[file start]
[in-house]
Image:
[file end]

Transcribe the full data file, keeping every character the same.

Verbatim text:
[in-house]
Image: